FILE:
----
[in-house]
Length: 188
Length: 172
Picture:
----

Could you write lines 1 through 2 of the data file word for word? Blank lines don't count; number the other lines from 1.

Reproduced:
[in-house]
Length: 188